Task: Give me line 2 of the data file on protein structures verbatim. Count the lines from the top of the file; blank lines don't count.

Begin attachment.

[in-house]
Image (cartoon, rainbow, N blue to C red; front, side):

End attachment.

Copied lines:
Image (cartoon, rainbow, N blue to C red; front, side):